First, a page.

In the German section of this blog (which is far bigger than the English one, my apologies), I published a ten-part summary of my Master’s Thesis. It aims to give an overview of the thesis in neatly packed pieces for a public that is interested, but not deeply knowledgeable about linguistics.
Short verbs in the German context are verbs which are monosyllabic and have a stem ending in a long vowel – thus English see, do and be would qualify, but not get or come. Swiss German dialects have ten to fifteen of these verbs while written High German has merely two.
Swiss German short verbs raise several issues. For one, they form a group that shares peculiarities like altering vowels according to certain patterns, for example goo-t ‚(s/he) go-es‘ – gö-nd ‚(we/you/they) go‘ – es geng ‚it allegedly goes‘ (pattern o/ö/e). What does this say about morphology, considering that those rather complicated patterns apparently are not just legacy, but a desired outcome? Are there rules that defy regularity?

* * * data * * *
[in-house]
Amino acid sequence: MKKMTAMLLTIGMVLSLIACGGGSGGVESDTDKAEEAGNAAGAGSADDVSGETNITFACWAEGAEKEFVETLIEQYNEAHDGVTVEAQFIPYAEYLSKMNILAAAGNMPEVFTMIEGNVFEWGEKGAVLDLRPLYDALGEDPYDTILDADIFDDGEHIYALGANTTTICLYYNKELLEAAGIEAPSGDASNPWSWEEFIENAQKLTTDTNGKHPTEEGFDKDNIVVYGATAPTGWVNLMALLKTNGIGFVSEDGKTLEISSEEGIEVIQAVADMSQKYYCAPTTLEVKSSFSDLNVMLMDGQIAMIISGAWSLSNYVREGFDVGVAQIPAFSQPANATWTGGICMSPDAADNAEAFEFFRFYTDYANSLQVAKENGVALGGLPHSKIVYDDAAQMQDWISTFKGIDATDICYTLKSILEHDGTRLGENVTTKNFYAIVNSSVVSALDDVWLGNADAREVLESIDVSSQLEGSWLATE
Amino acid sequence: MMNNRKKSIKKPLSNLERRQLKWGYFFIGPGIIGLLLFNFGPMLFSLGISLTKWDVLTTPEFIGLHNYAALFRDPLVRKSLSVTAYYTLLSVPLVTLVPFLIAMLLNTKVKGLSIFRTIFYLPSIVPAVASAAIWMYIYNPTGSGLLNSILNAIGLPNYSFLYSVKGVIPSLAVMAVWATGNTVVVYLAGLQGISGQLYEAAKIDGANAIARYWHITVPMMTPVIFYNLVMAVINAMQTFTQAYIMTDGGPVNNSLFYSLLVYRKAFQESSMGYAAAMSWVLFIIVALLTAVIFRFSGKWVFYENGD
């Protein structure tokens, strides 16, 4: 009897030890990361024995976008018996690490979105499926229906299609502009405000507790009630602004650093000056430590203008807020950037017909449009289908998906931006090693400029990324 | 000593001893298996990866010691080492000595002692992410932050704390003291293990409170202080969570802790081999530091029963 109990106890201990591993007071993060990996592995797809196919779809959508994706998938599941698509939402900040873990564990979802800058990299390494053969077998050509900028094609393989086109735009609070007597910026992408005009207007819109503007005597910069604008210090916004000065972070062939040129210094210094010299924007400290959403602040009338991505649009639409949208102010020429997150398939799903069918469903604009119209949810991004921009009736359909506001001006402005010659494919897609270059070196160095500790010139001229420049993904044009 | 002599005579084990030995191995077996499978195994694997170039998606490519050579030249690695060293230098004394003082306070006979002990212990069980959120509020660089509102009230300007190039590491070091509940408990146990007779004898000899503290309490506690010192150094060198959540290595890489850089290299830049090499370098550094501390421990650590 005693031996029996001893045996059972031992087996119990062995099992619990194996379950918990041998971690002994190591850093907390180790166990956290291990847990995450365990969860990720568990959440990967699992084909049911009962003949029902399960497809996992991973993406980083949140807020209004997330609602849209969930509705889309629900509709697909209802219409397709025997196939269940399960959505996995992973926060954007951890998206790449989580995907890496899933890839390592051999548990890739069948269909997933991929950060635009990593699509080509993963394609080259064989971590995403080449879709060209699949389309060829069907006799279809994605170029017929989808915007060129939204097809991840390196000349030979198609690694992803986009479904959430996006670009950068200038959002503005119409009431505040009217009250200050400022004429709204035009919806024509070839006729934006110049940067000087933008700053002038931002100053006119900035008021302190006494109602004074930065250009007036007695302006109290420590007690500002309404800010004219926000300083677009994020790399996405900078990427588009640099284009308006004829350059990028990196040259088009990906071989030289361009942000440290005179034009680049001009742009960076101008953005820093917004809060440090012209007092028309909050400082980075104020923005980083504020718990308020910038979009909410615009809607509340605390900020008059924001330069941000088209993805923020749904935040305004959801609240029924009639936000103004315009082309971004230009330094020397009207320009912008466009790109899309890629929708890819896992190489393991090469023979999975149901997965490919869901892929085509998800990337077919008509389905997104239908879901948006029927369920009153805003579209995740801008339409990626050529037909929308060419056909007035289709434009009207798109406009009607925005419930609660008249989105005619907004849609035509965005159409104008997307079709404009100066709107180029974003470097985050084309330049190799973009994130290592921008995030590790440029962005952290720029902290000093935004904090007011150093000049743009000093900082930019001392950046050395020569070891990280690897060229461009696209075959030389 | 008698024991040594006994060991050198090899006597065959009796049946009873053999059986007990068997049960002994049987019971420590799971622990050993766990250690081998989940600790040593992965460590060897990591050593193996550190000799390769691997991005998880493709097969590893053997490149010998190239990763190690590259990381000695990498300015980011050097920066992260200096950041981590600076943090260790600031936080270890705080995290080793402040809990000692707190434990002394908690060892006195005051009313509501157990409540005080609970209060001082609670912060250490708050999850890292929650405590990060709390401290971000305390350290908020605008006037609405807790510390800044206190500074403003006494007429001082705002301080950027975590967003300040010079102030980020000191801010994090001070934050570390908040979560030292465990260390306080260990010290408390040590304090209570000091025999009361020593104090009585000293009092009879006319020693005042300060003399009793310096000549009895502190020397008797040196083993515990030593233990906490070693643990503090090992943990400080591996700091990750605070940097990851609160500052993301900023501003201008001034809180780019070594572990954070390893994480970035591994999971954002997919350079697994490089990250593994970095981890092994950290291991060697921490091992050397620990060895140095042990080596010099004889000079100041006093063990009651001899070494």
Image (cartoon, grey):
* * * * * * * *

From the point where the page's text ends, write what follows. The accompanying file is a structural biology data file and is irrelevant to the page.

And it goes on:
Apart from taking a morphological standpoint, one can also look at varieties (i.e. dialects) from a dialectological perspective, seeking to explain which forms are used where and how that came about.
Considering the verbs that were shortened, a driving force is frequency: The most frequent verbs (and forms of verbs) seem to „behave“ differently in a lot of languages – just think of ’s that stands for is and has.
Phonological disposition, frequency and time stuck out as the main factors that (can) lead to the emergence of irregular verbs. Inflection classes are involved as well, grouping verbs together and enabling them to share their irregularities, which in this context become the new rule.
As interest in Swiss-German verb formation is a rather off-mainstream topic for native English speakers who can’t motivate it with linguistic navel-gazing, I’ll leave it at this. If you have any questions about short verbs in Swiss German though, you’re very welcome to contact me!